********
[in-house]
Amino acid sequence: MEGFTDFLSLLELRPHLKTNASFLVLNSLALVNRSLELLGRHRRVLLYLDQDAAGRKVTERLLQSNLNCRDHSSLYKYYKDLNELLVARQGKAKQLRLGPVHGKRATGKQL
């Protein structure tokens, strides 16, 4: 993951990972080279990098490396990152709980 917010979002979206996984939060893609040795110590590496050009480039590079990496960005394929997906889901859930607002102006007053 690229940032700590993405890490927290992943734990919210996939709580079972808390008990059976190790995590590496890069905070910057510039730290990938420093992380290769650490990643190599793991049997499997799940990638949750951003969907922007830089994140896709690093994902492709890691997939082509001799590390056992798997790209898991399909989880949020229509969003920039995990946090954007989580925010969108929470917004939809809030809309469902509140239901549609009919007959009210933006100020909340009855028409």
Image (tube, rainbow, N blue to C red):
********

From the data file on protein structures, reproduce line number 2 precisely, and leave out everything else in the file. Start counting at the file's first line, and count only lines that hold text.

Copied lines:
Amino acid sequence: MEGFTDFLSLLELRPHLKTNASFLVLNSLALVNRSLELLGRHRRVLLYLDQDAAGRKVTERLLQSNLNCRDHSSLYKYYKDLNELLVARQGKAKQLRLGPVHGKRATGKQL